Who Pays When A Pedestrian Bridge Can’t Handle Cold And A Sports Field Can’t Handle Rain?

by William Skink

When an out-of-control local government has a skim and give slush fund distributed by unelected sycophants at the Missoula Redevelopment Agency, money is always the solution because there is little accountability when shit goes wrong.

Take the South Reserve Pedestrian bridge. This 4.1 million dollar project opened in 2017 and since then there have been problems with how this fancy bridge was designed to melt snow. Apparently the “composite panels” that contain “heating elements” don’t work when it’s below 20°, which is kind of a problem during Montana winters.

But don’t worry, Missoula, Ellen Buchanan is confident that a $30,000 dollar shot of public TIF money will fix this seasonal snafu. From the link:

The Missoula Redevelopment Agency (MRA) Board of Directors approved a $30,000 expenditure on Monday for the work. The bridge has experienced issues with snow removal since it was put into service years ago.

The bridge decking is made of composite panels that contain heating elements designed to melt snow and be carried off through a downspout drainage system. However, when the temperature drops below 20°, the snow refreezes before it is carried away creating a hazardous situation for bridge users.

City Parks reached out to the contractor, Anchor Electric and Controls, who provided a programming and software solution that provides both corrective measures and enhancements to the current system.

In an effort to explain why MORE public money is needed, after already blowing over 4 million on this bridge, Ellen Buchanan scapegoats the new technology used on this costly endeavor:

“Missoula was a bit of a guinea pig. This was the first time this system had been used, and we’re confident that if we made those modifications that it will not only melt the snow and the frost, but it will also carry the moisture off of the bridge so that it doesn’t refreeze,” said MRA director Ellen Buchanan.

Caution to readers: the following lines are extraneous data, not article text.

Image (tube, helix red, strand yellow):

Is telling the public that we were guinea pigs a good idea, or is Ellen Buchanan showing us why MRA needs that communication plan they are paying Spider McKnight’s Six Pony Hitch consulting firm $46,000 to develop? I don’t know, you decide.

When you are spending other people’s money, it must seem like it’s always a sunny day, and sunny days are great to spend at the park. That is why Missoula taxpayers supported a 42 million dollar bond six years ago to build shit like this:

Voters agreed to pay $42 million over the next 20 years to develop a regional park at Fort Missoula, improve city playgrounds and establish a county trails program. By far the largest share of the bond, some $38 million, will go to building and making over 146 acres of park land at Fort Missoula. The regional park concept has been in the dream and planning stages since the mid-1990s.

Now that all this work is done, we can enjoy TOP OF THE LINE sports fields, right? And if it rains, the fields were PROPERLY DESIGNED to deal with it, right?

Wrong. From the link:

A Missoula taxpayer is concerned and upset about the conditions of the Fort Missoula turf fields.

“Beautiful facility paid for by city and county taxpayers, but I mean it’s a flawed facility. I mean its flawed because the turf either it wasn’t put in properly or it isn’t being properly maintained,” Missoula resident Tony Boote said.

Officials tell us the fields are designed to drain about .6 inches of rain in an hour.

On June 29, Missoula recorded just shy of an inch of rain, on the June 30 just over a half inch fell.

All together roughly one and a half inches of rain over 48 hours.

The fields though were still muddy and wet, when they should have drained in about three hours.

So, to recap, Missoula citizens have paid over 4 million dollars for a bridge that features dangerous, icy conditions when it’s cold out, and we are STILL PAYING for sports fields that become water-logged messes when it rains too much.

I hope Missoula citizens remember this bullshit when Mayor Engen makes his case next year to continue this trend of unaccountable development that just keeps tightening the screws on the affordability crisis we are suffering.

About Travis Mateer

I'm an artist and citizen journalist living and writing in Montana. You can contact me here: willskink at yahoo dot com
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1 Response to Who Pays When A Pedestrian Bridge Can’t Handle Cold And A Sports Field Can’t Handle Rain?

  1. Terry L MacPheat says:

    For what it’s worth, I believe were WERE “guinea pigs” on the bridge issue. I seem to recall that being covered in news reporting before the project…the massive, massive project….started. Sorry to hear it’s still a mess. Never been on it myself….

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